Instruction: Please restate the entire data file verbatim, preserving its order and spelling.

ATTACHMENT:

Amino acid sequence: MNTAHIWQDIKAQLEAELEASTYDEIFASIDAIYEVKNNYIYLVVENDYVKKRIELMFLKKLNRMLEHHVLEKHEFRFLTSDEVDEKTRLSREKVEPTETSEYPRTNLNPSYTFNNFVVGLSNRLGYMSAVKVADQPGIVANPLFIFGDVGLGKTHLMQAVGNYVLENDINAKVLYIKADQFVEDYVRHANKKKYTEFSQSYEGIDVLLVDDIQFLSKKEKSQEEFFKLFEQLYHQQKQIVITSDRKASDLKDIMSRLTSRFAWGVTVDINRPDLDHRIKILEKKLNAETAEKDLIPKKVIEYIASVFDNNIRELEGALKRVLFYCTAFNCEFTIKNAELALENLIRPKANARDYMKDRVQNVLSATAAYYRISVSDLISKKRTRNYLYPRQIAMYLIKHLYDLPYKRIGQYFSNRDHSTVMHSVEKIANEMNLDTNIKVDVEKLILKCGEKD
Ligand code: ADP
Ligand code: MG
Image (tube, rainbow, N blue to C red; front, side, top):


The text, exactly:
Amino acid sequence: MNTAHIWQDIKAQLEAELEASTYDEIFASIDAIYEVKNNYIYLVVENDYVKKRIELMFLKKLNRMLEHHVLEKHEFRFLTSDEVDEKTRLSREKVEPTETSEYPRTNLNPSYTFNNFVVGLSNRLGYMSAVKVADQPGIVANPLFIFGDVGLGKTHLMQAVGNYVLENDINAKVLYIKADQFVEDYVRHANKKKYTEFSQSYEGIDVLLVDDIQFLSKKEKSQEEFFKLFEQLYHQQKQIVITSDRKASDLKDIMSRLTSRFAWGVTVDINRPDLDHRIKILEKKLNAETAEKDLIPKKVIEYIASVFDNNIRELEGALKRVLFYCTAFNCEFTIKNAELALENLIRPKANARDYMKDRVQNVLSATAAYYRISVSDLISKKRTRNYLYPRQIAMYLIKHLYDLPYKRIGQYFSNRDHSTVMHSVEKIANEMNLDTNIKVDVEKLILKCGEKD
Ligand code: ADP
Ligand code: MG
Image (tube, rainbow, N blue to C red; front, side, top):